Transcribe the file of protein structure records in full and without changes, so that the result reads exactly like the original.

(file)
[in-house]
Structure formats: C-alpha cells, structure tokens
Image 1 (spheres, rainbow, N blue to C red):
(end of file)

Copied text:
[in-house]
Structure formats: C-alpha cells, structure tokens
Image 1 (spheres, rainbow, N blue to C red):